Sustainable use: Oil & gas development

WWF is working to reduce the impacts of oil and gas exploration and development on marine habitats.
In order to avoid predicted escalating impacts of climate change, WWF promotes an energy transition away from fossil fuels - especially coal - to 100% renewable energy sources by 2050.

In the meantime, we are working to ensure that existing developments - as well as de-commissioning of facilities - do not impact the most sensitive marine areas and biodiversity, and to minimize impacts on all other areas.

We are also working to ensure that any new exploration and developments meet the highest environmental standards and follow a precautionary approach.

And, we are working to ensure that oil and gas developments do not threaten the well-being of communities, particularly local communities and indigenous people.

To achieve this, we are working to:

We are also working to protect sensitive marine habitats and species from the impacts of climate change.

 / ©: Vladimir Potansky / WWF-Russia
Western gray whale (Eschrichtius robustus) feeds near oil platform off Russia's Sakhalin Island.
© Vladimir Potansky / WWF-Russia

What's the problem?

The exploration, extraction and use fossil fuels has serious environmental consequences. Climate change tops the list, but offshore prospecting and drilling for oil and gas also puts sensitive marine biodiversity and habitats at risk.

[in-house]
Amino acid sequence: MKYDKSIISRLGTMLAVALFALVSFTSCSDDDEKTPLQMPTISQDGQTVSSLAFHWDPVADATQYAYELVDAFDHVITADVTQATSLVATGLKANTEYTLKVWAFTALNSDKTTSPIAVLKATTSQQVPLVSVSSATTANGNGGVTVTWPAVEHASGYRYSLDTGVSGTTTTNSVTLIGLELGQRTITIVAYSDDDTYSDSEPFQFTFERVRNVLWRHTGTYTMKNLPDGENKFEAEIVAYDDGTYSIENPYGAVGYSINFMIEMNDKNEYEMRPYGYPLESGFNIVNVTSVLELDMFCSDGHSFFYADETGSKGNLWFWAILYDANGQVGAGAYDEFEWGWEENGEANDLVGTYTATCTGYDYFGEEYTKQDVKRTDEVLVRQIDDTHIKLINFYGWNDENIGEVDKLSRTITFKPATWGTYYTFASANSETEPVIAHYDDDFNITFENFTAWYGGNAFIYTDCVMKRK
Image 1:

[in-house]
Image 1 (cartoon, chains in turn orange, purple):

Norway puts nature before oil

Following many years of advocacy by WWF and others, in 2011 the Norwegian Parliament took another step in preventing oil drilling in the country's Lofoten Islands. 

The Lofoten Islands are home to the world's largest cod and herring stocks, whales, large sea bird colonies, and the world's biggest cold-water coral reef, which was only discovered in 2002. The island community is almost entirely dependent on fishing and tourism for survival. 

Norwegian oil companies like Statoil have been pressuring the Norwegian government to open up the region to oil and gas exploration. However WWF and many other environmental groups identified the Lofoten region as a "no-go area" for offshore oil drilling, due to its outstanding natural values and as the proposed oil development threatened both the region's biodiversity and the islanders' livelihoods. 

Norwegian government scientists said the direct impact of oil development - from seismic survey work, which can disturb fish and whales, to the devastation potentially caused by an oil spill - would be disastrous for sensitive marine environments such as those of the Lofoten Islands.

In 2003, the Norwegian government designated the Lofoten Islands as a temporary petroleum-free zone, after successful campaigning by WWF and others. 

2011 saw another victory: the Norwegian government decided against an environmental impact assessment in sea areas outside the Lofoten archipelago, which in reality would have been a precursor to oil and gas activities.

The decision shows that the government is putting the value of nature ahead of oil development. This should be seen as a world-leading example that it is possible to leave valuable oil resources in the ground. The decision stands until next general election in 2013.
 / ©: WWF-Norway/Frode Johansen / WWF-Canon
Henningsvær Harbour, Lofoten, Norway.
© WWF-Norway/Frode Johansen / WWF-Canon

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